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The Florida Recount: Hearing on Butterfly Ballots Expected Today in Palm Beach CountyAired November 15, 2000 - 9:31 a.m. ET
THIS IS A RUSH TRANSCRIPT. THIS COPY MAY NOT BE IN ITS FINAL FORM AND MAY BE UPDATED.
DARYN KAGAN, CNN ANCHOR: And now we move back on to Florida. Part of the confusion over this election has been the so-called butterfly ballot that they used in Palm Beach County. Wouldn't you know it? There is a hearing on that today as well. Let's bring in our Mark Potter standing by with more on that hearing in West Palm Beach.
Mark, good morning. Good to see you.
MARK POTTER, CNN CORRESPONDENT: Good morning, that hearing, indeed, under way right now here at the courthouse in Palm Beach County before Judge Jorge Labarge (ph). The Florida Democratic Party is asking him right now to define the rules by which the canvassing board conducts that manual recount. And if you can believe it, the central issue here involves the word "dimples" and "pregnant chads."
Let me try to explain that. In counting the ballots so far in the manual count they have done so far, the canvassing board has counted those ballots, where the hole was punched all the way out or partially punched out. The Democrats, however, want the judge to order the canvassing board to also consider those ballots where the hole was not punched out, but where there is a mark on that piece of paper indicating the intent of the voter. That mark is known as a dimple. That little tiny piece of paper that was supposed to have been pushed out, which has a mark on it, is called a pregnant chad. So that is the terminology we are going hear in this courtroom, and that is what the Democrats are asking the judge to order the canvassing board to also consider.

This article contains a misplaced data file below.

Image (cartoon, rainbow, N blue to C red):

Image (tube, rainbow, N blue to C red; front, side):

Now the Republicans have filed a motion to be part of this -- the hearing and it's assumed that they are going to oppose this idea proposed by the Democrats.
The Democrats are also asking the judge to order the canvassing board here to conduct the manual recount even though the canvassing board has now said voluntarily that it will do so. Still to be determined? What happens with all of those lawsuits that have been filed by citizens here in Palm Beach County? There are 11 such lawsuits. Nine of them are filed by voters who say that they lost their vote or were confused by this butterfly ballot.
We do not know how the judge is going to deal with those today. But we can tell you that the lawyers for those plaintiffs are sitting in the courtroom now. They have their elections' experts there with them, just in case the judge calls them before the bench to discuss that too.
But the main issue right now being watched by the canvassing board is this issue of whether the judge will tell the canvassing board to also include those ballots that have little marks on them that were not fully punched out.
So we'll see where it goes, the Republicans, obviously, opposed to that.
KAGAN: Pregnant chads and dimples, a subject in Florida courtrooms today. Mark Potter, thank you very much.
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